In size eskers are highly variable. Two of the largest in Canada are the Thelon esker in the Northwest Territories and Nunavut (almost 800 km long) and the Munro esker near Munro Lake in northern Ontario (250 km long and almost 5 km wide). In contrast, many eskers are a few kilometres in length, approximately 100 m wide and up to 50 m high. One of the world's best areas to observe eskers is the mining region of northwest Québec, where many eskers, generally aligned north-south, were emplaced during the last deglaciation.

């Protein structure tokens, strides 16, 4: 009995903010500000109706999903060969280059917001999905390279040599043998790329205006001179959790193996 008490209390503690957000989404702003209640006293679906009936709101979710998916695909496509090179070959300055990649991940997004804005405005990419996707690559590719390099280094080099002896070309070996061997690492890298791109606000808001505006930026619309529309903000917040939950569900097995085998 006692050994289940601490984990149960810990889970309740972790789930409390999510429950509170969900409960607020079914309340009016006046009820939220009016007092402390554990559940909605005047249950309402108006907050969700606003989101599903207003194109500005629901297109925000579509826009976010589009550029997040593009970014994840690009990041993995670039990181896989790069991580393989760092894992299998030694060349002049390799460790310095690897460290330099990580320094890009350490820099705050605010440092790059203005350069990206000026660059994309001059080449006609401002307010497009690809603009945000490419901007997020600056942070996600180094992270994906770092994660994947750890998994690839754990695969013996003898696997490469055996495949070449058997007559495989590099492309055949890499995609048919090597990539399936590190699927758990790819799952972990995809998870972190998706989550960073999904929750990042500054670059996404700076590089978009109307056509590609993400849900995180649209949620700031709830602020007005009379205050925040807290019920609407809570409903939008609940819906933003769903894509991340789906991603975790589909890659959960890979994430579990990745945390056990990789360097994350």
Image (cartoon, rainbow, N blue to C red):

Eskers do not generally survive from one GLACIATION to another. They are features of a deglaciation phase and are usually destroyed when ice re-advances over them. Eskers form good, confined aquifers (water-bearing strata) when covered by fine, impermeable sediments. Esker sediments help locate ore deposits upstream from a ore-indicator-bearing esker bed (see PROSPECTING).
Author ROBERT J. ROGERSON
Links to Other Sites
A Journey to a New Land
A multimedia website about the arrival of early humans in the Americas. Features activities that help students learn about archaeological research techiques and discoveries. From the SFU Museum of Archaeology and Ethnology and the Virtual Museum of Canada.